Considering the lifestyle and quality of life of parents and others caring for their children is also important.3 Ideally, families will have access to options that are convenient, readily available, and promote a positive feeding experience for both the child and their caregivers.



There are several types of tube feeding formulas available to meet the unique needs of tube-fed children. Most can tolerate a standard intact protein formula4. However, there are situations in which a standard formula may not be tolerated, or a patient has certain dietary requirements or preferences, and options should be considered.

Nestlé Health Science offers a comprehensive portfolio of high-quality, evidence-based enteral tube feeding formulas to meet the unique needs of pediatric patients. Our portfolio includes standard formulas for normal digestion, peptide-based formulas for easier digestion and absorption, hypoallergenic formulas for food allergies and sensitivities, formulas with food ingredients for variety and tolerance, and commercially blenderized whole food formulas for a more natural feeding experience. These formulas meet the highest standards of nutritional quality, supporting optimal growth, development, and overall improved outcomes.

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Standard Formulas

A standard pediatric tube-feeding formula that is designed for children who have normal digestion and absorption. Standard formulas include all of the nutrients required to maintain health. Some standard formulas can be used for both enteral feeding and as an oral supplement. They can contain added ingredients, such as fiber for digestive health and bowel management.

Peptide-Based Formulas

Peptide-based formulas differ from standard formulas in that the protein source is hydrolyzed, or broken down into smaller components or peptides.7 This makes the proteins easier to digest and absorb for patients with GI impairments, including malabsorption, short bowel syndrome, inflammatory bowel disease, cystic fibrosis and other conditions.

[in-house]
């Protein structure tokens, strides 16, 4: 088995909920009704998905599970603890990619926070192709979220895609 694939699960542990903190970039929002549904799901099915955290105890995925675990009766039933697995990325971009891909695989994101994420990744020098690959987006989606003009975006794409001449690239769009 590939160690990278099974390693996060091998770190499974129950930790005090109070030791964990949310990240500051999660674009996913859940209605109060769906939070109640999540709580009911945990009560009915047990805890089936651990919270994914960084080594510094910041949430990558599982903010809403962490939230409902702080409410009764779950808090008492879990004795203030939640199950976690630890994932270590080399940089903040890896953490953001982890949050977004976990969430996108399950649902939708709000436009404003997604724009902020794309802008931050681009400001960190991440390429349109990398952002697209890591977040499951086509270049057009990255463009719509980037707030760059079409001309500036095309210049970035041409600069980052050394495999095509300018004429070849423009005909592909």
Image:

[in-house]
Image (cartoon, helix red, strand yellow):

Real-Food Formulas

Tube-feeding formulas with real food ingredients are made from a blend of ingredients such as chicken, grains, vegetables, and fruit. They may be suitable for children who have difficulty digesting or tolerating a standard formula, or for those who will require tube feeding for a long period of time. A formula made with real food ingredients can also help provide more variety.

Hypoallergenic Infant & Junior Formulas

Infant formulas, especially those recommended for specialty/medical use, such as hypoallergenic extensively hydrolyzed, or amino acid-based formulas needed for complete nutrition for infants with cow’s milk protein allergy (CMPA) or other food allergies and intolerances or sensitivities.


4. McClave SA, Taylor BE, Martindale RG, et. Al., Guidelines for the Provision and Assessment of Nutrition Support Therapy in the Adult Critically Ill Patient; Society of Critical Care Medicine (SCCM) and American Society for Parenteral and Enteral Nutrition (A.S.P.E.N.). JPEN J Parenter Enteral Nutr 2016;40:159-211.
6. Bobo E. Reemergence of blenderized tube feedings: exploring the evidence. Nutr Clin Pract. 2016;31(6):730–735. doi: 10.1177/0884533616669703.
8. Henrikson A et al. Chronic Conditions in Children Receiving Commercially Blenderized Tube Feeding Formula in the Post-Acute Care Setting: Real World Evidence of Clinical and Health Economic Outcomes. J Parenter Enteral Nutr.2023;47(S2):S218.
9. From 2017 publication in NCP: Mundi MS. “Prevalence of Home Parenteral and Enteral Nutrition in the United States